Public funding necessary for restoration of heritage sites

SGI

Ho Chi Minh City has 172 ancient relics that have been ranked by the Ministry of Culture and Information as part of the country’s cultural heritage, of which two have been designated special national historical sites and 56 termed as national monuments.

An ancient mansion restored by an enterprise.

An ancient mansion restored by an enterprise.

However, the current regulations are proving inadequate in preserving these relics, and no regulations or policies exist for communities to participate in the conservation of these relics.

In fact, the preservation of cultural heritage sites in Ho Chi Minh City is increasingly becoming the concern of the general community and philanthropic social groups. As was in the case of transportation planning, the City authorities hardly took into account monument protection areas or the architectural landscape of works close to, or in the peripheral areas of these heritage monuments.

But recently, in the process of implementing construction planning or licensing urban construction, the Department of Planning and Architecture, the Department of Construction, and the District People's Committees have all been consulting the Department of Culture and Sports so as to consider any adverse effect on these historical monuments. This decision has contributed greatly to preserving these monuments and the landscape around, and preventing further encroachment of surrounding areas of these heritage sites.

However, for relics that have been ranked, the City is facing many difficulties in maintaining and caring for them, and as a result many relics are becoming seriously degraded and vandalized. In the process of urban development in particular, many relics have even been lost or irretrievably damaged. Many relics that have been ranked have been overlooked completely as they are not covered under any preventive regulations so far. For example, Ba Son is a very important historical site, but it is still not covered for preservation, as is the case of many old villas that are listed only on paper, but in reality they have been termed and divided into town houses.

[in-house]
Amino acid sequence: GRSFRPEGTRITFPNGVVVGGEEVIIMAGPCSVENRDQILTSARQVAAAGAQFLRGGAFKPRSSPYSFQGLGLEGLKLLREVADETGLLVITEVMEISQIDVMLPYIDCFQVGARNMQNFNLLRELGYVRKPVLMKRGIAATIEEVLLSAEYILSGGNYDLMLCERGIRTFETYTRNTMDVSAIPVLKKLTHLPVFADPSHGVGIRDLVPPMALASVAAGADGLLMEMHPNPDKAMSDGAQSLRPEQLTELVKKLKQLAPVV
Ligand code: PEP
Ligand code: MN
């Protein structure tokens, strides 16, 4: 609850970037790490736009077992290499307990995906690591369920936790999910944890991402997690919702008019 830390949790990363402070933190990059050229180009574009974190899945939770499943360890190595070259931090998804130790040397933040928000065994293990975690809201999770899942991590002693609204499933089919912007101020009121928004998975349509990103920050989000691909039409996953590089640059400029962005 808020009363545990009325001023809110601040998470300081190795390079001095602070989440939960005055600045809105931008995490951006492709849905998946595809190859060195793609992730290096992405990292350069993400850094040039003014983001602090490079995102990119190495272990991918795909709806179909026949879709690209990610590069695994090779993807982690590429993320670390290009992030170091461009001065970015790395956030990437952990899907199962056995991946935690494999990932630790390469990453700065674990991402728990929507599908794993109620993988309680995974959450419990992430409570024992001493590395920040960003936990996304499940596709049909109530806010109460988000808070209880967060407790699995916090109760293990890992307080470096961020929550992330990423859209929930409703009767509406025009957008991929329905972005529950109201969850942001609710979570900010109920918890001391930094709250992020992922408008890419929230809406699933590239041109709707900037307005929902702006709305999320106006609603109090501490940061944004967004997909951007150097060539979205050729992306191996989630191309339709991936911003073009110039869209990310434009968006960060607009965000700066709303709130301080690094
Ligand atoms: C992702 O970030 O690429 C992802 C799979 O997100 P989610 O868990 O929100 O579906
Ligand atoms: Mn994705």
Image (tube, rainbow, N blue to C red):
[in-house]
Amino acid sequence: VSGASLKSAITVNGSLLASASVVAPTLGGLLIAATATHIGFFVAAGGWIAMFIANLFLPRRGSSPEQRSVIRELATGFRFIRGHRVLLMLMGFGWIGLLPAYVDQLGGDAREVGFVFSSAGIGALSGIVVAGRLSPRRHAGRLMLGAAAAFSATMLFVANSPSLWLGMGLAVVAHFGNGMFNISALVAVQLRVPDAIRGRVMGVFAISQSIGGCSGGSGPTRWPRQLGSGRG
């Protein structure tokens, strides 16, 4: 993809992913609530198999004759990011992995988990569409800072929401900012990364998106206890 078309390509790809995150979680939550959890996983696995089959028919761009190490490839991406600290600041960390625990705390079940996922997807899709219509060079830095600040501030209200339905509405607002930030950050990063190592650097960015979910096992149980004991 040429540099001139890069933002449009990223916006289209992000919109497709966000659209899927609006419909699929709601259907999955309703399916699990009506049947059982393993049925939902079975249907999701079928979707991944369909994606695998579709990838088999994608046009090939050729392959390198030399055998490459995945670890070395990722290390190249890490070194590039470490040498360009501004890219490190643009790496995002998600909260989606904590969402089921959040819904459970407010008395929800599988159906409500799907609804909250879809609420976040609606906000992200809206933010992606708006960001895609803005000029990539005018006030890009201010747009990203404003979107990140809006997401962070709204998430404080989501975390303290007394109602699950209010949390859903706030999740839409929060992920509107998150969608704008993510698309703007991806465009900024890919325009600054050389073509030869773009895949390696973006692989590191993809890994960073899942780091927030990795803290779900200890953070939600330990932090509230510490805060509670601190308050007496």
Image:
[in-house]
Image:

Currently, the restoration and preservation work of heritage monuments and relics in Ho Chi Minh City relies solely on government budget and social support, because monuments that can create self-revenue are extremely few in number. For this reason, since 2009 until now, the People's Committee of Ho Chi Minh City has approved VND 500 billion for the conservation and restoration of 32 monuments; approved total investment of VND 120 billion for more such projects; and confirmed capital investment of VND 200 billion for restoration works of historical sites. Since 2009 until now, with increase in public awareness, public funding also rose to VND 400 billion.

Thus, public support for the funding of preservation and restoration of heritage sites and monuments in Ho Chi Minh City is gaining positive momentum. However, in order to attract and mobilize more social awareness for this task, it is necessary to publicize the list of heritage sites on mass media for more community participation in conservation projects, as well as early promulgation of regulations for preserving heritage sites and ancient relics. In reality, in order to encourage the community to participate and contribute to the preservation and conservation of the heritage monuments in the City, the Department of Culture and Sports has recently been coordinating with the People’s Committee of districts to make plans to preserve heritage areas. If some people own land in the planned areas, they will receive adequate support. This is a positive step in helping to preserve heritage sites and ancient relics in the City.

In addition, the 2001 Law on Cultural Heritage, and the Law Amending and Supplementing this 2009 Law on Cultural Heritage, as well as all the decrees and circulars for implementing the law are mostly inadequate, overlapping and incompatible with the realistic situation on ground. Accordingly, in coming time, the City will need to promote conservation in tandem with development projects, and also develop mechanisms and policies to create conditions for people to participate in conservation of heritage and historical monuments. Specifically, the City needs a more appropriate policy to encourage those sources who are willing to step forward to preserve these historical relics, however modest their contribution may be.

According to Dr. Nguyen Hanh Nguyen, from the Save Heritage Vietnam Group (SHV), investing in heritage protection amounts to sustainable investment for all times to come. In real estate, investors have many options and self-interests, but choosing to invest in protecting the country’s heritage is always a wiser and a more economically sustainable investment for the future. Investors can have a short-term or a long-term view in how they deal with the heritage of the country. Preserving culture and heritage ensures a stable and long term sustainable development of the culture of the country, and a lasting national legacy that will inspire all future generations to come.

Translated by Mathew Hùng

Do Binh Minh

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